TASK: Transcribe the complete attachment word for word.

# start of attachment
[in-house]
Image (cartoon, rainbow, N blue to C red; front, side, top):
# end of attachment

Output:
[in-house]
Image (cartoon, rainbow, N blue to C red; front, side, top):